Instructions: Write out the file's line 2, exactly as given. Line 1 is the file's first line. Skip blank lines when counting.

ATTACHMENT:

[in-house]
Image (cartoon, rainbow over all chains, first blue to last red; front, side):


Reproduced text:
Image (cartoon, rainbow over all chains, first blue to last red; front, side):